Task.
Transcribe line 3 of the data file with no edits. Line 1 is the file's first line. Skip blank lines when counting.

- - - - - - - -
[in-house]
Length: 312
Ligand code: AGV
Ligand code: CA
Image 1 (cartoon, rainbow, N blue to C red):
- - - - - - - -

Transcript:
Ligand code: AGV